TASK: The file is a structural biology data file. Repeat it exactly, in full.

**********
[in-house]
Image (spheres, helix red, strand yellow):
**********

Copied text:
[in-house]
Image (spheres, helix red, strand yellow):